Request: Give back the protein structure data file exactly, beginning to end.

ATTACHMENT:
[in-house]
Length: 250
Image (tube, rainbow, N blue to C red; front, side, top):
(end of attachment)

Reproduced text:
[in-house]
Length: 250
Image (tube, rainbow, N blue to C red; front, side, top):